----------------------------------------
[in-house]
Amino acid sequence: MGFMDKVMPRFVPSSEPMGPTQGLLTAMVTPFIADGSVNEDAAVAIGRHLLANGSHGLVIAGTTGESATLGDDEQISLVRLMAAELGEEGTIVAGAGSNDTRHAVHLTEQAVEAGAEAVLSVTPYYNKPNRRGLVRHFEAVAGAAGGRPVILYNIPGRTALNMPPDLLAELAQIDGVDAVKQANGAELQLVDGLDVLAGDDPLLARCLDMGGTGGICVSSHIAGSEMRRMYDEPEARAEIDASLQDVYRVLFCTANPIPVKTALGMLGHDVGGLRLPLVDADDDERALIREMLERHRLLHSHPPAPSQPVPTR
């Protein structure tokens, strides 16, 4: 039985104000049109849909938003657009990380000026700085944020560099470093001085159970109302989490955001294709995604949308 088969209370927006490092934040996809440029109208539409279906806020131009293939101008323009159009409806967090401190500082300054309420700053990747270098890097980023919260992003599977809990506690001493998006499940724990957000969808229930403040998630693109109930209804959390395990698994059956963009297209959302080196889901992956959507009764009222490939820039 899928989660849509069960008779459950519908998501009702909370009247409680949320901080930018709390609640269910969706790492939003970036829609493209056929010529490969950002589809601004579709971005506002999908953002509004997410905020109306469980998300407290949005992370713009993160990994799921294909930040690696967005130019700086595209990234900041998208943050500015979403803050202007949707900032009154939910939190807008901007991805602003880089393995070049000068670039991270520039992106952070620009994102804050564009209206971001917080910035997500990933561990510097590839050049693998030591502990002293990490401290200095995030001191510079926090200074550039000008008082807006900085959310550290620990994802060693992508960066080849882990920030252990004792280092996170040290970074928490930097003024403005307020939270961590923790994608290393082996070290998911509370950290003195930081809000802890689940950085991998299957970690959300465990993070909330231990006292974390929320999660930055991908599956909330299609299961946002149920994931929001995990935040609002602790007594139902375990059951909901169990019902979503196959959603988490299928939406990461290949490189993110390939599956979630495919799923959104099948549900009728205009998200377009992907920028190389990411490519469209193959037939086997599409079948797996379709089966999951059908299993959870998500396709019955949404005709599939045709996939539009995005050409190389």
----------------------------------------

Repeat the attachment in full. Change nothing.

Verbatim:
[in-house]
Amino acid sequence: MGFMDKVMPRFVPSSEPMGPTQGLLTAMVTPFIADGSVNEDAAVAIGRHLLANGSHGLVIAGTTGESATLGDDEQISLVRLMAAELGEEGTIVAGAGSNDTRHAVHLTEQAVEAGAEAVLSVTPYYNKPNRRGLVRHFEAVAGAAGGRPVILYNIPGRTALNMPPDLLAELAQIDGVDAVKQANGAELQLVDGLDVLAGDDPLLARCLDMGGTGGICVSSHIAGSEMRRMYDEPEARAEIDASLQDVYRVLFCTANPIPVKTALGMLGHDVGGLRLPLVDADDDERALIREMLERHRLLHSHPPAPSQPVPTR
């Protein structure tokens, strides 16, 4: 039985104000049109849909938003657009990380000026700085944020560099470093001085159970109302989490955001294709995604949308 088969209370927006490092934040996809440029109208539409279906806020131009293939101008323009159009409806967090401190500082300054309420700053990747270098890097980023919260992003599977809990506690001493998006499940724990957000969808229930403040998630693109109930209804959390395990698994059956963009297209959302080196889901992956959507009764009222490939820039 899928989660849509069960008779459950519908998501009702909370009247409680949320901080930018709390609640269910969706790492939003970036829609493209056929010529490969950002589809601004579709971005506002999908953002509004997410905020109306469980998300407290949005992370713009993160990994799921294909930040690696967005130019700086595209990234900041998208943050500015979403803050202007949707900032009154939910939190807008901007991805602003880089393995070049000068670039991270520039992106952070620009994102804050564009209206971001917080910035997500990933561990510097590839050049693998030591502990002293990490401290200095995030001191510079926090200074550039000008008082807006900085959310550290620990994802060693992508960066080849882990920030252990004792280092996170040290970074928490930097003024403005307020939270961590923790994608290393082996070290998911509370950290003195930081809000802890689940950085991998299957970690959300465990993070909330231990006292974390929320999660930055991908599956909330299609299961946002149920994931929001995990935040609002602790007594139902375990059951909901169990019902979503196959959603988490299928939406990461290949490189993110390939599956979630495919799923959104099948549900009728205009998200377009992907920028190389990411490519469209193959037939086997599409079948797996379709089966999951059908299993959870998500396709019955949404005709599939045709996939539009995005050409190389």